Sanders plans to ask for further changes to the platform then, most likely prolonging the awkward status quo: He has lost but has not yet conceded defeat or endorsed Clinton. He said Friday he would endorse Clinton when he hears her say “the things that need to be said.”

“I don’t want to do anything as he ends his term to undercut the president of the United States,” [committe chair Rep. Elijah] Cummings said during the negotiation Friday.

West replied that the responsibilities of citizenship should transcend loyalty to the president…

Reacting to the committee’s progress Friday, before the draft was approved, Sanders pledged to ensure his views are reflected even if that means contesting party orthodoxy on the floor of the convention…

That’s the same way my neurotic little rescue dog attempts to “put his stamp” on the world — by pissing on anything he can’t see as immediately useful to himself. (Anyone want to poll President Obama’s approval rating among Democratic voters, as opposed to that of Senator Sanders? Anyone want to poll what percentage of those voters have even heard of Professor Cornell West?) Silly old git is hooked on his own grift, and of course the Media Village Idiots love the chance to fly their favorite Dems in Disarray flag again:

(CNN)Bernie Sanders said Friday he will likely vote for Hillary Clinton for president in November, the strongest expression of support yet from the Vermont senator, but he left the door open that he could change his mind…

“My job right now as a candidate is to fight to make sure that the Democratic Party not only has the most progressive platform in the history of the Democratic Party, but that that platform is actually implemented by elected officials,” Sanders said on CNN.

He also declined to say whether the time will come that he fully endorses Clinton, saying he is waiting to see what she says about his priorities. He also would not say explicitly, when pressed by Cuomo, that she won the nomination fairly…

Thursday night:

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Bernie’s Not a Buster

It’s the most ungracious and begrudging “endorsement” I’ve ever seen in national politics, but Sanders affirms he WILL vote for Clinton:

Well, that’s one vote from the dead-enders.

PS: I hope Cole and his fellow West Virginians are okay. Scary storms in that area.

Wall Street Handmaiden Fails to Bolt to Center in Economics Speech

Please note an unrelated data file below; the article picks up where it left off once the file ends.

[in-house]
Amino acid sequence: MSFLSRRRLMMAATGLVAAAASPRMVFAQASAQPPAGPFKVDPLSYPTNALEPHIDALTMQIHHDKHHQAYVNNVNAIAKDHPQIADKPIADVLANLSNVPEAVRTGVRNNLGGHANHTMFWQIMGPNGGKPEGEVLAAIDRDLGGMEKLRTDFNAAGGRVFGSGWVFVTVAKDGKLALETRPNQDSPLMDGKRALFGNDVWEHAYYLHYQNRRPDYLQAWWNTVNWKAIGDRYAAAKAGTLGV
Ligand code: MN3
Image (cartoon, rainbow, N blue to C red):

Did you see Hillary Clinton’s speech on economics today? I couldn’t watch it live and am still looking for a link to a transcript or video, but according to The Washington Post, Clinton “focused on largely familiar proposals, including measures to make college debt-free, increase corporate profit-sharing, expand access to child care and ensure that large companies and the ‘super rich’ pay their ‘fair share’ of taxes.” WaPo also said Clinton vowed to get “dark money” out of politics. That doesn’t sound like a Republican-Lite conservadem to me. Go figure.

Meanwhile, Trump gave a speech today in which he read whopper after big fat whopper off a teleprompter screen. And it seems to have dawned on Bernie Sanders that perhaps the primary outcome won’t be in his favor:

Sen. Bernie Sanders acknowledged for the first time Wednesday “it doesn’t appear” he’ll be the Democratic presidential nominee.

The Vermont senator, speaking during a taped C-SPAN interview, said his presidential campaign is negotiating on an “almost on a daily basis” with presumptive Democratic nominee Hillary Clinton’s team, urging her to stake out the most progressive positions she can on campaign finance reform, health care, higher education and the economy.

Sanders said he and Clinton have had “real differences of opinion.” But he said he’ll do everything he can to defeat presumptive GOP nominee Donald Trump and bring as many people into the political process as possible.

“Our job now is to have her (Clinton) listen to what millions of people in this country who supported me want to see happen,” Sanders said during a wide-ranging hourlong interview with C-SPAN’s Steve Scully.

Jesus Fricasseed Christ and all 12 Cajun-Fried Apostles, I just cannot with the fucking Sanders ex-campaign anymore. Open thread!